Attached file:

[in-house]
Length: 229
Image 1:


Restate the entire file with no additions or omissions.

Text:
[in-house]
Length: 229
Image 1: